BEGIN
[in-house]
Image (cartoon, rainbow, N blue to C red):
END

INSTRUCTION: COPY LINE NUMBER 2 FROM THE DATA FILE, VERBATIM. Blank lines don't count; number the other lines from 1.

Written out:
Image (cartoon, rainbow, N blue to C red):